Jack King (John William King)

Jack King

Jack King grew up in Boston, the son of a local sportswriter, and attended Boston College. Prior to joining NASA, King worked for the Associated Press. He opened the AP’s Cape Canaveral bureau in 1958, when he was 27 years old. Jack King joined NASA in 1960, and served as the Kennedy Space Center’s Chief of Public Information from 1960 to 1971, and as NASA’s Public Affairs Officer from 1971 to 1975. After NASA, he spent two years as Director of Public Affairs for the U.S. Energy Research and Development Administration (later part of the United States Department of Energy), and another 15 years as executive vice president of Occidental Petroleum. He was appointed director of communications at the Fuqua School of Business in 1993. In 1997, King returned to Cape Canaveral and the U.S. manned space program, joining the United Space Alliance, where he served as spokesman. Jack King officially retired in October 2010, but continued to serve as a volunteer public affairs officer for NASA. King was a widower, his wife Evelyn having died in 2005. They were married 39 years. He had three children (sons Chip and Billy, and daughter Beth) and five grandchildren. He was a Catholic. King’s oldest son, Chip King, flew the longest F-14 Tomcat combat mission in history, the 1,800-mile attack on Afghanistan in October 2001, following the September 11 attacks. Chip also was one of the pilots who took part in the flyover at astronaut Pete Conrad’s 1999 funeral. Jack King died on June 11, 2015, at the age of 84 of congestive heart failure.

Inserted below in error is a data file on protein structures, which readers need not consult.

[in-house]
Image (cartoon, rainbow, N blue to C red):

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  • February, 12, 1931
  • USA
  • Brighton, Boston, Massachusetts


  • June, 11, 2015
  • USA
  • Cocoa Beach, Florida

Cause of Death

  • congestive heart failure

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